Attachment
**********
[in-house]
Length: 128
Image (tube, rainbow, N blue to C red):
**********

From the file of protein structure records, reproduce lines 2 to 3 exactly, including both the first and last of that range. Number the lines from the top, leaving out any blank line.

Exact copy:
Length: 128
Image (tube, rainbow, N blue to C red):